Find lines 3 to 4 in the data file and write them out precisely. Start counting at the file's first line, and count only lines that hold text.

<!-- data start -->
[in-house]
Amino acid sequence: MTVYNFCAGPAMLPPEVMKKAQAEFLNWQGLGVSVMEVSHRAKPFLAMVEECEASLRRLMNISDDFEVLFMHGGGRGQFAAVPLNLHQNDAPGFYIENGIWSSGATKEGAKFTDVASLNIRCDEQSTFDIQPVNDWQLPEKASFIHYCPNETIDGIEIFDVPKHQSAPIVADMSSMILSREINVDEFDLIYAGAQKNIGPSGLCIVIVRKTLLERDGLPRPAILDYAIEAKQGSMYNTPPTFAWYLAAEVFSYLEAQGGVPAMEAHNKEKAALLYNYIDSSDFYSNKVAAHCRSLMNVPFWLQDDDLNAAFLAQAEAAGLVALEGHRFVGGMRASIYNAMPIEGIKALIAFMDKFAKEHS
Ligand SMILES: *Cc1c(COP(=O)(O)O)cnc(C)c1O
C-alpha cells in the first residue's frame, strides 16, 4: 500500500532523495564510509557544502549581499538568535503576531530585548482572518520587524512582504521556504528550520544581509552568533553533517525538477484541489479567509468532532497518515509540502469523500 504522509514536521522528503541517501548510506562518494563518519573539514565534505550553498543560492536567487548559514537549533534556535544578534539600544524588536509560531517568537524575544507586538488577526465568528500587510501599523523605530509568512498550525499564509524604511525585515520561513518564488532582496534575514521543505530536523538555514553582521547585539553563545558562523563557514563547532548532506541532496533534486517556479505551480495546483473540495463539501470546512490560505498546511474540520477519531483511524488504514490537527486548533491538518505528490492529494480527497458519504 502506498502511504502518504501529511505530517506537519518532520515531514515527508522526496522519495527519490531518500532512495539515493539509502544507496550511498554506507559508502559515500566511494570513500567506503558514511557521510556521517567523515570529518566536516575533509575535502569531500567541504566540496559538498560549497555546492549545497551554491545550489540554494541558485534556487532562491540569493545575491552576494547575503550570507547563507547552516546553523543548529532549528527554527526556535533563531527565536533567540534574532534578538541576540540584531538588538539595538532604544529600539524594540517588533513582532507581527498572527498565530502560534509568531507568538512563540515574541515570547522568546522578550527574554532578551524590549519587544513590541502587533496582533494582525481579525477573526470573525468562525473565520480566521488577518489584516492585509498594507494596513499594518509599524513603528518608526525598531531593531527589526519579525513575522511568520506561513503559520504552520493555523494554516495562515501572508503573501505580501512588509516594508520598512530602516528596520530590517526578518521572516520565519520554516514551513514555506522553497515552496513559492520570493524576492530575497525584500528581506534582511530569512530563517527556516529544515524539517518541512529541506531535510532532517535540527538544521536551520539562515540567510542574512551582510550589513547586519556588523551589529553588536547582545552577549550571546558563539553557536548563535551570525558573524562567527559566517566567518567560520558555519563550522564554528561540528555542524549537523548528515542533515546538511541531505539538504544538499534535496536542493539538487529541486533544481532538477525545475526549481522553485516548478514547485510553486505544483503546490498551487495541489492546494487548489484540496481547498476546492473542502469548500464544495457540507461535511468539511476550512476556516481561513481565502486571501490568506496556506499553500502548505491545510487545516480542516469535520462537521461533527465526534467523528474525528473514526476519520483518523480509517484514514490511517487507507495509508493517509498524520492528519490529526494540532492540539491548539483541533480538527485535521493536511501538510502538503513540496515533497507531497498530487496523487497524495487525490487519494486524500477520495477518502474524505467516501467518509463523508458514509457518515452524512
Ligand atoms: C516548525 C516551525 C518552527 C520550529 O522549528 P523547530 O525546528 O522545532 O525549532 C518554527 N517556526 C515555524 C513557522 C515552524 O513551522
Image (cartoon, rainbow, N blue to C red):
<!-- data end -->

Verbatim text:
Ligand SMILES: *Cc1c(COP(=O)(O)O)cnc(C)c1O
C-alpha cells in the first residue's frame, strides 16, 4: 500500500532523495564510509557544502549581499538568535503576531530585548482572518520587524512582504521556504528550520544581509552568533553533517525538477484541489479567509468532532497518515509540502469523500 504522509514536521522528503541517501548510506562518494563518519573539514565534505550553498543560492536567487548559514537549533534556535544578534539600544524588536509560531517568537524575544507586538488577526465568528500587510501599523523605530509568512498550525499564509524604511525585515520561513518564488532582496534575514521543505530536523538555514553582521547585539553563545558562523563557514563547532548532506541532496533534486517556479505551480495546483473540495463539501470546512490560505498546511474540520477519531483511524488504514490537527486548533491538518505528490492529494480527497458519504 502506498502511504502518504501529511505530517506537519518532520515531514515527508522526496522519495527519490531518500532512495539515493539509502544507496550511498554506507559508502559515500566511494570513500567506503558514511557521510556521517567523515570529518566536516575533509575535502569531500567541504566540496559538498560549497555546492549545497551554491545550489540554494541558485534556487532562491540569493545575491552576494547575503550570507547563507547552516546553523543548529532549528527554527526556535533563531527565536533567540534574532534578538541576540540584531538588538539595538532604544529600539524594540517588533513582532507581527498572527498565530502560534509568531507568538512563540515574541515570547522568546522578550527574554532578551524590549519587544513590541502587533496582533494582525481579525477573526470573525468562525473565520480566521488577518489584516492585509498594507494596513499594518509599524513603528518608526525598531531593531527589526519579525513575522511568520506561513503559520504552520493555523494554516495562515501572508503573501505580501512588509516594508520598512530602516528596520530590517526578518521572516520565519520554516514551513514555506522553497515552496513559492520570493524576492530575497525584500528581506534582511530569512530563517527556516529544515524539517518541512529541506531535510532532517535540527538544521536551520539562515540567510542574512551582510550589513547586519556588523551589529553588536547582545552577549550571546558563539553557536548563535551570525558573524562567527559566517566567518567560520558555519563550522564554528561540528555542524549537523548528515542533515546538511541531505539538504544538499534535496536542493539538487529541486533544481532538477525545475526549481522553485516548478514547485510553486505544483503546490498551487495541489492546494487548489484540496481547498476546492473542502469548500464544495457540507461535511468539511476550512476556516481561513481565502486571501490568506496556506499553500502548505491545510487545516480542516469535520462537521461533527465526534467523528474525528473514526476519520483518523480509517484514514490511517487507507495509508493517509498524520492528519490529526494540532492540539491548539483541533480538527485535521493536511501538510502538503513540496515533497507531497498530487496523487497524495487525490487519494486524500477520495477518502474524505467516501467518509463523508458514509457518515452524512